Monday, May 29, 2006

Is That My Wheel?

When we first moved into the house we are living in, I had to buy a fence to go around the house. (In Kavieng, I can buy the fencing and poles. You have to build your own gate and drill your own holes in the poles.) I traveled to Kavieng with two men from the mission work in Sohun to purchase everything I needed for the fence.

The trip there proved to be one of the most memorable trips to Kavieng I have had. The first three hours or so were pretty uneventful except for one flat tire. About two thirds of the way there, the road changes from dirt to sealed. It makes for a nice drive in. Especially after being bounced around on the rough road for the past 3 to 4 hours. Also, when you arrive to the sealed part of the road, you can increase your speed from 3 mph to 50 mph. On this particular day everything seemed as if it was going fine. I did notice, though, once we were on the sealed road that my hood was shaking much more than normal. I did not think much about it, but I should have.

The road is very narrow and very curvy. If you have ever been driving on those old West Virginia roads, this road is very similar. The road is right on the ocean, so it is scenic. Anyhow, as I was driving at a high rate of speed (50 to 60 mph), I kept noticing my hood. Then BOOM my hood flew up! I could see nothing! I quickly slammed the brakes hoping I was not going to smack into a coconut tree or go sailing into the ocean with a Ford truck! My truck came to a stop on the side of the road. We got out of the truck to inspect the damage. The hood was bent pretty good close to the windshield. The part on the hood that latches was just simply worn down from all the bouncing on the rough road. There was no way to use the latch with hood. I had some rope with me. (You never leave for a trip to Kavieng, without rope, tools, two tires, bush knife, duct tape, and Tylenol.) We managed to bend the hood back and tie it down with a rope. It looked very funny, but normal for here!

We then got back in my truck and headed for Kavieng again. Everything seemed to be going just fine. I was driving close to 60 mph, and the rope was holding the hood good. The men and I were just talking and fellowshipping. Then another loud BOOM and the front end of my car dropped. I could see sparks, and what looked like a wheel flying through the top of the coconut trees! It took a lot of my strength to hold the car straight. Had I not had both hands on the wheel at the time, there is no way I could have prevented the truck from turning sharply. I also think the truck would have flipped over as well. The truck came to a stop and I still had NO IDEA what had just happened. Then one of the men with me said my entire wheel fell off. He said it flew higher then the top of the coconut trees! I saw the tire in the air, but it never occurred to me that what I saw was ACTUALLY my front wheel! I got of my truck and sure enough my front passenger side wheel was gone! There was a huge gouge in the road from where the brake drum slammed into the pavement. It was at least 30 yards long. We had to go into the bush and find my tire.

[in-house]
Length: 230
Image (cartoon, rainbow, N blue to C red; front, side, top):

You might be thinking, “Wow, Terry, you must have some gross sin your life, and the Lord is punishing you. First your hood flies off and now your wheel!” The Lord, however, was looking after me!

My truck came to a stop at a dirt driveway. Right in the middle of it! It was the driveway of a tire shop!!!!!!!!!!!! NO kidding! I am not evangaaaaalistically speaking. There are only two or three of these places between Namatanai and Kavieng! When I first realized what had happened, I was wondering, how in the world was I going to get my truck towed to Kavieng!? I still did not realize I was right at a tire shop. Then a man came over and told me my truck had stopped at his tire shop! He quickly examined the damage, and brought over two jacks to jack my truck up. He then took off one lug nut from each of the other wheels, and then put my wheel back on. He said my truck did not have any significant damage from my wheel flying off. He said the wheel fell off because the “starts”, the things you put the lug nuts on, were worn out. I was able to drive slowly the rest of the way into the Kavieng. Not only that, I had no other important parts fly off. :)

When I arrived in Kavieng, I found some used “starts” and then replaced the bad ones with them. I also had the hook for the latch rewelded, so I did not have to use rope to hold my hood down! All together it only cost me about $40! I lost no time with all that happened and was able to keep my schedule.

The Lord is good. When I think of how he looks after my family and I, it is incredible!


Jerry Bouey said...

Praise the Lord, Terry, for His protection and providence!

And some of us live such boring lives...

Good to know He is still in control.

Throwback 13 said...

* When I was a young kid, my parents (Dad was a pastor) took me for an afternoon ride in rural N.Y. state. (This was in the late 40's, back when gas was around 12 cents a gallon.) While Dad drove, Mom read a missionary letter.
* The letter was about a missionary family that could take a boat to get downriver to the city in the summer but drove the ice in the winter to get there. This year they waited until the ice started to thaw and were coming back from their last winter trip for supplies when the ice began to crack all around them.
* I was so scared that I threw myself on the rear floor and covered my ears with my hands. I rode for quite a while that way.
* Finally I uncovered my ears and all was quiet. "What happened?" I asked.
* Mom wouldn't tell me. "You should have listened when you had the chance," she told me.
* I never did find out what happened, but since the letter arrived safely, I assume they made it.
* I am glad you made it.

Terry McGovern said...

Thanks for the comments

I really appreciate the story! Thanks for commenting.